In assessing whether to grant a defendant leave to amend its answer to add a counterclaim, a court should consider whether the counterclaim is compulsory, whether the pleader has acted in good faith and has not unduly delayed filing the counterclaim, whether undue prejudice would result to the plaintiff, or whether the counterclaim raises meritorious claims. See Northwestern National Insurance Company of Milwaukee v. Alberts, 717 F. Supp. 148, 153 (S.D.N.Y. 1989), Index Fund, Inc. v. Hagopian, 91 F.R.D. 599, 606 (S.D.N Y 1981). When claims are compulsory under Fed.R.Civ.P. 13(a)*fn1, the argument for allowing amendment is "especially compelling." See Spartan Grain & Mill Co. v. Ayers, 517 F.2d 214, 220 (5th Cir. 1975). This is so because an omitted compulsory counterclaim cannot be asserted in subsequent cases and the pleader will lose the opportunity to have the claim adjudicated. 6 Wright Miller & Kane, Federal Practice and Procedure § 1430 at 223 (1990).

Since the factual basis for the counterclaims was either asserted as affirmative defenses in their Answer, or was within the knowledge of the defendants at the time the Answer was filed, it is apparent that the counterclaims were available to the defendants at the time of such filing. It is obvious, therefore, that the defendants could have avoided the delay by timely filing, however, "[t]he mere passage of time between an original filing and an attempted amendment is not a sufficient reason for the denial of the motion." Spartan Grain, supra. 517 F.2d at 220.

Plaintiff has failed to assert how it will be prejudiced by the defendants' delay in filing the counterclaims. Though plaintiff's brief alludes to a new wave of discovery, it is difficult to imagine that such discovery was unforseen in light of the defenses asserted in defendants' Answer. In all likelihood, the questions raised by the counterclaims would, in any event, be litigated in the action as defenses. This Court is also unable to find that the defendants acted in bad faith in their delay.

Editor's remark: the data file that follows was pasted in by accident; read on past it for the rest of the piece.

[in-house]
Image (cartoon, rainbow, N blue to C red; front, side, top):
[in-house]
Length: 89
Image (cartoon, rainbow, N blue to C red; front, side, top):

Courts appear particularly hesitant to deny amendment, even at late stages in the proceedings, when the interest in resolving all related issues militates in favor of such a result and no prejudice is demonstrated Budd Co. v. Travelers Indemnity Co., Supra, 820 F.2d at 792. Because defendants will lose the opportunity to litigate their counterclaims if they are not brought in the present action, and to remain consistent with the goal of the Federal Rules of resolving disputes, insofar as possible, on the merits and in a single proceeding, See Foman v. Davis, 371 U.S. 178, 83 S.Ct. 227, 9 L.Ed.2d 222 (1962), defendants shall be granted leave to amend their Answer to add the compulsory counterclaims.

Plaintiff's final contention is that defendants' first counterclaim of fraud is based upon events which occurred in 1988, and should be barred by Pennsylvania's two-year statute of limitations period. 42 Pa.C.S.A. § 5524. Plaintiff relies upon Gumienik v. Lund, 314 F. Supp. 749 (W.D. Pa. 1970) in which the court found "no authority under Fed.R.Civ.P. 13(f) to allow the assertion of an affirmative counterclaim after the bar of the statute of limitations." The District Court held that the general rule in Pennsylvania was that a cause of action which would be barred as an original action, because of the statute of limitations, may not be asserted as a counterclaim after the expiration of the statutory period. Gumienik v. Lund, supra., 314 F. Supp. at 751. A similar stance was taken by the Sixth Circuit in Stoner v. Terranella, 372 F.2d 89 (6th Cir. 1967). There the court ruled that ...